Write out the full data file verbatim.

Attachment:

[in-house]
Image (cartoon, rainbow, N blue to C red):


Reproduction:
[in-house]
Image (cartoon, rainbow, N blue to C red):